Rhadamanthys (or Rhadamanthus) was a judge of the dead, and a son of Zeus and Europa, or a brother of Minos and Sarpedon, or even a son of Phaestus. His name looks Greek and meaningful enough, but it is not straightforward. If we bear in mind that he was a judge, then the second half of his name may relate to mantis, 'soothsayer', 'seer'. If this is so, the first half of his name can perhaps be derived from rhabdos, 'rod', 'wand', so that he is a 'rod diviner', that is, he divines by means of a rod or wand.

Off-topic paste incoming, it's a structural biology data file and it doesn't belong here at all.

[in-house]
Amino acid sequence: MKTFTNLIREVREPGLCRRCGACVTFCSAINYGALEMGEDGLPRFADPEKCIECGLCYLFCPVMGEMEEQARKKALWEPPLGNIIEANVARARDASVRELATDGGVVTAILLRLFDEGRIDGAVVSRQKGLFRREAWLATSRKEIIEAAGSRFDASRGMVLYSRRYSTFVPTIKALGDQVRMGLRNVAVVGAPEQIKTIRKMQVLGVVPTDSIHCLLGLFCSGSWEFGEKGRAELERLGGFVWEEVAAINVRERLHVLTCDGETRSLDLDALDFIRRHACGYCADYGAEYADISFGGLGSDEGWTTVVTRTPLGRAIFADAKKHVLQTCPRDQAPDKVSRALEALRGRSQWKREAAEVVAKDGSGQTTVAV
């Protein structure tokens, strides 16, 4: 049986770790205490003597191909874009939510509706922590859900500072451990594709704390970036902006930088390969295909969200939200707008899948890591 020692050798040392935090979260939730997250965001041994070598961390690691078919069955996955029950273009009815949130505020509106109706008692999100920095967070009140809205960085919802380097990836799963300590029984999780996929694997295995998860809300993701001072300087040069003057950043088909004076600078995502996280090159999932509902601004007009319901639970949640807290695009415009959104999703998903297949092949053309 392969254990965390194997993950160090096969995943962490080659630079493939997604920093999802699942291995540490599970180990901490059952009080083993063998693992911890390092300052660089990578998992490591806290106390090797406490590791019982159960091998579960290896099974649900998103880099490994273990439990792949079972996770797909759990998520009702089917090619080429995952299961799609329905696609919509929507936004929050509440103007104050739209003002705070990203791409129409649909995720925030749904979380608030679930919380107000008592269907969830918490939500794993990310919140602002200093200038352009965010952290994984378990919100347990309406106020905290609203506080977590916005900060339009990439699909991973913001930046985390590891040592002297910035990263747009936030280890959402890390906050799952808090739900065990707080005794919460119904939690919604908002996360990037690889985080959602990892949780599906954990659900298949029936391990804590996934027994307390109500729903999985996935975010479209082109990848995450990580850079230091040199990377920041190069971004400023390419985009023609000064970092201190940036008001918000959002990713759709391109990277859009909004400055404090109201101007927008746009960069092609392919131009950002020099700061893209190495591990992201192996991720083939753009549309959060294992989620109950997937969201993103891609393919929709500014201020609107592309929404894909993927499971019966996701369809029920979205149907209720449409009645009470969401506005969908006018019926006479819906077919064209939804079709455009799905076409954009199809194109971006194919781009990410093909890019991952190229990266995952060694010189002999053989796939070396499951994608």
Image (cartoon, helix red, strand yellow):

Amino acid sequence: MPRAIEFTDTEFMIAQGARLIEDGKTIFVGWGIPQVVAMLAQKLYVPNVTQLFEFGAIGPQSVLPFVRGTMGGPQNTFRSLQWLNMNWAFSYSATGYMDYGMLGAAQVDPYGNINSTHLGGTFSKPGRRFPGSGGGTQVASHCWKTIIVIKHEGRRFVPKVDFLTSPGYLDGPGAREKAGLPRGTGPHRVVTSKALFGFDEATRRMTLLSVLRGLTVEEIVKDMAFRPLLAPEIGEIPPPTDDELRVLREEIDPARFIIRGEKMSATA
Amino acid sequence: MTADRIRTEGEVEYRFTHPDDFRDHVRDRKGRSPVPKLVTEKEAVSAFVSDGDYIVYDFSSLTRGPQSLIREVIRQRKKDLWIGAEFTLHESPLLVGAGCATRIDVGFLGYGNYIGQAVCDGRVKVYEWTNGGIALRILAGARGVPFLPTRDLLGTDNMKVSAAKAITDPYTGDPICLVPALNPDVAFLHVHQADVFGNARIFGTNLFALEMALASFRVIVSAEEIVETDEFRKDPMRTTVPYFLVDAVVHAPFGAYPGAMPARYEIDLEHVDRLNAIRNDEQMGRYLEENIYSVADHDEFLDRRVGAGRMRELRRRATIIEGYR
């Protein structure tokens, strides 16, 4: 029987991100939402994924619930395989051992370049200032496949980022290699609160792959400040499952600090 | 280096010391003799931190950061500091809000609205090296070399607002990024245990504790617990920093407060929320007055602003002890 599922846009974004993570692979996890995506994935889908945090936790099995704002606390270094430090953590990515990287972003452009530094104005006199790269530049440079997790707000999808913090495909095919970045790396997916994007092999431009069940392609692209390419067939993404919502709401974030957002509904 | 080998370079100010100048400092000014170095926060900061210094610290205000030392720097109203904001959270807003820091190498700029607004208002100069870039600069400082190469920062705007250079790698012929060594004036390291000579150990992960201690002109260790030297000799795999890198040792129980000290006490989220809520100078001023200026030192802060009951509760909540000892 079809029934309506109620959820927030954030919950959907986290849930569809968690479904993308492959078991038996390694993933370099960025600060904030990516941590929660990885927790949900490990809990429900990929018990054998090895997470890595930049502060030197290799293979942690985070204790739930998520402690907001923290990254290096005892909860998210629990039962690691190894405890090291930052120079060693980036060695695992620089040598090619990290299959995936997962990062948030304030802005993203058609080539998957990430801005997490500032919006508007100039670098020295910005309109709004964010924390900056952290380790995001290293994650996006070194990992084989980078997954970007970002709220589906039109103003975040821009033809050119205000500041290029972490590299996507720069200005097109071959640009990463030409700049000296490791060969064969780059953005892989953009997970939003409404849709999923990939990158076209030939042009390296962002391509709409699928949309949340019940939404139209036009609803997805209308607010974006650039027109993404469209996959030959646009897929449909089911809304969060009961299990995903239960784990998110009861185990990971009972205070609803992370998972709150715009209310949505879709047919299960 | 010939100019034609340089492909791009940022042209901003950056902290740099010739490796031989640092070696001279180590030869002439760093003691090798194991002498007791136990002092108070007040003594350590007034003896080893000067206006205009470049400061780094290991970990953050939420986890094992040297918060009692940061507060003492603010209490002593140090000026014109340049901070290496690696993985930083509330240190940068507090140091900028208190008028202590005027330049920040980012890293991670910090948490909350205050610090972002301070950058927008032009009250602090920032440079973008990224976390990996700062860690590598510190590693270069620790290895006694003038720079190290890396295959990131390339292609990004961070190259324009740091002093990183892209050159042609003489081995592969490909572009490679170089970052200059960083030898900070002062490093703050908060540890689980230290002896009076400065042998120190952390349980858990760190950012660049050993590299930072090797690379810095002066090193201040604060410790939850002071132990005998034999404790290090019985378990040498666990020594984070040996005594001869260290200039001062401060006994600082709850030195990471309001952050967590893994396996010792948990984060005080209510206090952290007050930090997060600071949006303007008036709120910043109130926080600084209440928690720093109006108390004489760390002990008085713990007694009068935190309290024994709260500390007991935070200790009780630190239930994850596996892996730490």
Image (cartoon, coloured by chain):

But would a judge actually divine? Again, as the name of a member of the family of Minos, one would expect a 'shining' name, but Rhadamanthys does not seem to relate to the moon or the sea, for example. It has been pointed out that Hesychius uses a verb rhadameo, 'to make grow', and if this combined with anthos, 'flower', we can get a sense something like 'flower-grower', in other words a sort of masculine Flora. But the truth of the matter is that the name is almost certainly pre-Greek.